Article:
I am overjoyed—hell, ecstatic—to report that I just got off the phone with Mrs. T. It was, of course, a one-way conversation, since she’s intubated with a ventilator and a tracheostomy, but her nurse informed me that she is now fully conscious, nodding her head vigorously and moving her mouth in response to questions.
“Would this be a good time to talk to her?” I asked.
“You better believe it,” he replied.
We’re not completely sure how clearly what I told her on Sunday night came through, and I didn’t want to waste precious phone time playing Twenty Questions, so I spent most of the call updating her on the state of the world, explaining that the hospital is closed to visitors but that I’ve been checking in twice daily with her nurses and doctors, calling her family with daily reports, and posting updates on Twitter and Facebook. “You’re not going to believe this,” I said, “but there are tens of thousands of people all over the world who are pulling for you.” I hope she believed it.
As for her overall condition, she is—to use the technical term employed by her nurse—copacetic. All her vital signs are looking good. The dialysis that was started over the weekend is keeping her alert and aware. Her hands are still swollen, but she’s passed off enough fluid to be able to squeeze the nurse’s hand in response to questions (except that she doesn’t need to do that anymore!). She is still fighting off a bacterial infection of unknown origin, but the doctors are hitting her with carefully chosen antibiotics and are confident that they’ll get it under control.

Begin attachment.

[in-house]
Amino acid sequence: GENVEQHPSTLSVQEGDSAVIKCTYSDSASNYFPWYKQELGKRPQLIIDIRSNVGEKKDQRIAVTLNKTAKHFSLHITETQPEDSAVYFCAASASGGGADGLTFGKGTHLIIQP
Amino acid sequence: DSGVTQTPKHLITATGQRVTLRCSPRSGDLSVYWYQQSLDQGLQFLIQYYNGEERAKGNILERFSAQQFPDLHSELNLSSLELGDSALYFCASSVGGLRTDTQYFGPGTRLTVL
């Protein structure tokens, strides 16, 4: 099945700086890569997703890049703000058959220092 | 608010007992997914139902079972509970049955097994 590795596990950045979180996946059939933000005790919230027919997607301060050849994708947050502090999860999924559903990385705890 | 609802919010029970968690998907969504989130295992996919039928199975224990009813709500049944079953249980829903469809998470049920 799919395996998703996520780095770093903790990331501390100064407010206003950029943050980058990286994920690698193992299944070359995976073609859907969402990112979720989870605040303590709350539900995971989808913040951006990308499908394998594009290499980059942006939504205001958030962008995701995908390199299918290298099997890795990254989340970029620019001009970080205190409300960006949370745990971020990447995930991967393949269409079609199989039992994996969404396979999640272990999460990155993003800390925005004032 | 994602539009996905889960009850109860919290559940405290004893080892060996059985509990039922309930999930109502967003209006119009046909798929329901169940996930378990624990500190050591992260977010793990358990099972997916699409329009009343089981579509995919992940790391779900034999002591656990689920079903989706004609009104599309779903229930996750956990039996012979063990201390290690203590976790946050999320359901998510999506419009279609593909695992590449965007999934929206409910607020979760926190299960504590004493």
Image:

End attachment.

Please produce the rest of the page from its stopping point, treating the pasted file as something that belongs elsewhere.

Needless to say, I have no idea when I’ll be able to see Mrs. T in the flesh again. That remains in the uncaring hands of the coronavirus, which continues to inundate New York-Presbyterian Hospital with fresh cases and is responsible for the hateful (but understandable) no-visitors order that has been keeping me a mile from her bedside. You can rest assured, though, that I’ll be there as soon as it’s both possible and absolutely safe for both of us.
So that’s my news. At long last, Sleeping Beauty is really, truly awake. And while I haven’t been sleeping very well for the past three weeks. I’m thinking maybe that’s about to change.
UPDATE: I spoke to Mrs. T again for ten minutes on Thursday night. No video yet and she still can’t talk, but she was definitely receiving my signal, and was amused to hear that I made a box of macaroni and cheese for dinner (the limit of my kitchen competence) and am now bingewatching Frasier episodes. I also told her about my review of Syracuse Stage’s Amadeus—she’s a great fan of Jason O’Connell—and about the open letter I wrote to the family of the anonymous donor of her two lungs.
She knows that lots of you out there are following my updates on her condition, and she seems to be touched to know that you care so much. (So am I, needless to say.) She knows, too, that the hospital is closed to visitors, and this time I tried to explain why. Imagine having been in a coma for three weeks and only just now waking up and finding out about the extent of the coronavirus pandemic! I told her that I’ve reserved our Sanibel bungalow for next January, and that the landlord will hold it for us until the last possible minute and can’t wait to see us again. We’re both living for that.
Finally, I told her that I love her more than anything in the world and called her my “gallant gal,” a nickname she loves to hear. That’s just what she is—gallant, indomitable, fearless. May she get well soon!
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Constant Lambert leads the Sadler’s Wells Orchestra in an excerpt from Tchaikovsky’s Sleeping Beauty: